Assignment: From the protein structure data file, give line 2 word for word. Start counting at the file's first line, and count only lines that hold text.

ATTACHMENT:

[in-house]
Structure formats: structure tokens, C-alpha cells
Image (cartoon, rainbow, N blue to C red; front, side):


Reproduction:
Structure formats: structure tokens, C-alpha cells